Publication: La villa Cavrois
by Richard Klein, Paris, Éditions du Patrimoine, 2015
A masterpiece of 20th-century architecture designed by Robert Mallet-Stevens between 1929 and 1932, the Villa Cavrois has an eventful history before its restoration and opening to the public in 2015.
The man who commissioned it, Paul Cavrois, a well-established industrialist from northern France, wanted a residence large enough to house his family and servants. His meeting with Robert Mallet-Stevens was to make his project an object-manifesto, an ocean liner rising on the heights of Roubaix, in a striking contrast with the neighbouring traditional bourgeois houses. Mallet-Stevens mastered all aspects of the design: the silhouette and geometry of the villa: the simple, yet luxurious furniture, the material chosen specifically for each room-marble and precious woods in the reception areas and tiles in sober colours in the bathrooms and kitchen –the lighting fixtures, the heating and sound systems.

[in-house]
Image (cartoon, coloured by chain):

Occupied during the Second World War, sold by the heirs in the mid-1980s, abandoned and vandalised, the villa was purchased in 2001 by the French state, which decided to undertake its complete restoration. The work carried out –overseen by the Centre des Monuments Nationaux since 2012– had only one objective: to re-establish the villa’s original splendour. Now open to the public, the Villa Cavrois is one of Mallet-Stevens’ most beautiful creations, as well as a milestone in history of modern architecture.
Texts in French, English and Dutch.